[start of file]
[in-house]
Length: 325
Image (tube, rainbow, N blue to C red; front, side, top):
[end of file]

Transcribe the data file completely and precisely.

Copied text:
[in-house]
Length: 325
Image (tube, rainbow, N blue to C red; front, side, top):